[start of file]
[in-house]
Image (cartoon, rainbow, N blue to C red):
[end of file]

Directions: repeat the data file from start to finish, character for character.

[in-house]
Image (cartoon, rainbow, N blue to C red):